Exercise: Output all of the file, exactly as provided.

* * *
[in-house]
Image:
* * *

[in-house]
Image: